All season themes
AS A seventeen-year-old, George Pullatt recalls preparing two entries for a local art competition. A trifle uncertain if that was permissible he dispatched both but on different names. One of course was his own; the other was that of his brother. Sooner than later the results were declared and his sibling, a non-starter in field of art, became a celebrity. His painting had won the first prize and the local media covered him as an upcoming artist. Over the years Pullatt has become far more judicious and weighs up every aspect before he commits himself. This is evident from the choice of gallery for his current exhibition.
"Not more than 10 persons wander into an art gallery on a given day. It made sense to display my paintings at the Raymond's shop where there is a continuous flow of people and when they settle down for a cup of coffee willy-nilly they end up assessing my works."
Pullatt, who has dabbled with paint ever since he can remember, is no protagonist of a particular medium or theme. He is comfortable using any medium; be it watercolour or oils though the latter is his favourite.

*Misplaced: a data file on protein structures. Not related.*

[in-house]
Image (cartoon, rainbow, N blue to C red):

He can relate to any subject matter and theorises any theme that appears attractive and "has spirit"; his black and white pen portrait of the late Rajiv Gandhi is a case to point. Pullatt has no qualms about borrowing or even duplicating other works of art, copying from a favourite picture and sometimes from memory. As he says he is no professional and simply wants to make an appealing picture available to the public. Consequently there is a variety of styles and subject matters that line a wall of the plush Café Palette. As the sun dips into the horizon a flock of birds call it a day and relax on an electric wire; sporting a bristly beard a wrinkled old man draws from his hookah; small strips of paper are unevenly torn and then meticulously fixed to form a thickset forest with a quaint bridge lending it a patchy, irregular texture and giving to the collage a feel of mosaic.
Finally, a composition is reserved for the ubiquitous Chinese nets, a characteristic feature of Kochi.
George Pullatt is a man of all seasons. From handling aircraft during his tenure in the Air Force to teaching children in schools, doing a stint in the Reserve Bank of India and finally settling down as an Air Customs Superintendent at the city's airport he's done it all.
Send this article to Friends by